Mussolini made the Italian people happy, or at least, less unhappy, about giving up their liberty because he made the trains run on time. Obama’s actions so far promise not only tyranny but inefficiency. Not just less freedom but more chaos. Where is the trade-off? There is none. It is as if Dumb and Dumber are running the show with iron fists (”AND YOU DAMN WELL BETTER TAKE IT IF YOU KNOW WHAT”S GOOD FOR YOU”).

Their actions violate both the rules of economics AND, more critically, the rule of law. When Obama takes over the auto industry, firing executives and stiffing creditors in violation of the rule of law, why, gunowners and ordinary people ask themselves, should we expect to be treated any differently?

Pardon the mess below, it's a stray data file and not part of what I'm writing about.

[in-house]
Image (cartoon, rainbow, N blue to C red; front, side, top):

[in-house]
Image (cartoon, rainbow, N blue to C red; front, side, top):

Too, I said, this is the culmination of almost three decades of government misbehavior, over the reign of at least four imperial Presidents, and people have been paying attention. In the 70s and 80s, gun owners didn’t pay much attention to the militarization of the police and the excesses of the war on drugs, because those miscarriages of justice happened mostly in the cities, where the victims were black and poor. “Too bad,” we would say, “but they shouldn’t live in neighborhoods infested by criminals.”

Then came Ruby Ridge, Waco and a host of other lesser outrages and all of a sudden gun owners discovered what it was like to be poor and black. In the eyes of the Clintonistas WE were now the criminals. Just as a conservative is a liberal who has been mugged, a libertarian is a conservative whose rights have been violated by a predatory state, making him realize that maybe the ACLU had the germ of a good idea anyway — rights are for all, and if we want to be protected in our homes, our property and our liberty then maybe we ought to start watching out for the other guy’s rights, too.